Newsletter Subscribe
Australian Catholics Subscribe

Reflection questions & activities for 'The rhythms of family life'

Clare Deignan |  19 July 2017

Read the article 'The rhythms of family life' and answer the following questions. Then share your answers in pairs, small groups or in a classroom discussion.

1. ‘The rhythms of family life’ was written from a parent’s perspective. What did you learn about a parent’s experience of rushed mornings? How is it different from a kid’s experience?

2. What is your experience of rushed mornings? 

3. Mum and writer Clare Locke writes, ‘Parenting is often about trying to create some kind of order in the midst of a charismatic chaos’. Look up ‘charismatic’ and ‘chaos’ in the dictionary. What do you think she means by the term ‘charismatic chaos’? 

4. What do you like about mornings? What don’t you like about mornings? 

5. What does the rush of busy mornings teach you about family life? 

6. Where do you see your family’s love for each other in the morning rush? 

7. Can you also find God there? How? 


1. Where do you find God in the ordinary routines of your family? Write a one-page reflection about what you learn about your family and faith by observing ordinary moments in your family’s day. You could write about going to school, heading to after school activities, setting the table for dinner, or even bedtime. Then explain how you find God in the ordinary daily routines of your family.

If you feel comfortable share your writing with your class. 

2. The present moment: Write a short story about a family’s chaotic morning. Explain what made it chaotic and how the family showed their true colours by how they dealt with the chaos. 

When you're finished, read your story to your class.

For younger students

Teachers read or summarise ‘The rhythms of family life’ for your class. Discuss how even the most organised of families will experience a chaotic family morning once in a while. Teachers can talk to the students about what they can do to help their family’s morning be more peaceful. Pitching in and helping creates family harmony.  

As a class brainstorm the different ways, every kid can help make their family’s mornings run more smoothly. Then, teachers can discuss how helping with the family morning routine is actually a part of what Jesus called us to as Christians.    

Peaceful mornings: What can you do to make your mornings more peaceful? Here are some ideas: wake up on time, lay out your clothes, pack your backpack or make your lunch the night before, make sure not to have any screen time, eat your breakfast, get ready when your parents ask. Create a list of 3 things you can do this week to make your family’s morning go more smoothly. Maybe you’ll even be a good example to your siblings!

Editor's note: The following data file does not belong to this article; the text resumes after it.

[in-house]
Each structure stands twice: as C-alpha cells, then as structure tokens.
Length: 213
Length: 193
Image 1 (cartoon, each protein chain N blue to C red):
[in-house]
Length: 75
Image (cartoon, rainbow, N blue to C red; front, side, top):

After one week of following your new routines, fold a piece of paper in half. On one side illustrate what your mornings look like when you did not do your three-morning routines. On the other side of the paper draw how it went when you did. 

You can share your experience and drawing with your class.



Topic tags: buildingpeace, familylife, vocationsandlifechoices

Request permissions to reuse this article


Submitted feedback is moderated. Please read our comments policy. Email is requested for identification purposes only.

Word Count: 0 (please limit to 200)

Similar articles

Catholic Teacher Blog: Stamping out online abuse

Fr Peter Hosking SJ | 23 Oct 2017

Incidents of inappropriate online behaviour by school students continue to be a concern. 
The values of respect, empathy and consent are critical to good relationships online and anywhere else.

Catholic Teacher Blog: Risk & Success

Brendan Nicholls | 12 Oct 2017

'Often the difference between a successful person and a failure is not one’s better abilities or ideas, but the courage that one has to bet on his idea, to take a calculated risk, and to act.' – Maxwell Maltz


Catholic Teacher Blog: Social Justice Sunday - September 24

Fr Andrew Hamilton SJ | 25 Sep 2017

If you want to stay happy and healthy you need to draw on the skills of cooks and dieticians. You also need them to stick to their own skills. Ask a dietician for a happy recipe and you may eat miserably. Ask a pastry cook to care for your diet and you may become a cardiac disaster.

Sneaky Jesus Song: You found me

Brendan Nicholls | 14 Sep 2017

A ‘Sneaky Jesus song’ may not be a religious tune, but when you listen to the lyrics it could be mistaken for one.

Catholic Teacher Blog: Suicide Prevention Day - September 10

Andrew Hamilton SJ | 10 Sep 2017

Suicide affects all groups in society. Teachers, doctors, miners, church ministers, and police have all grieved for colleagues who have taken their own lives, and have friends who have survived the suicide of family members. They can put faces to suicide.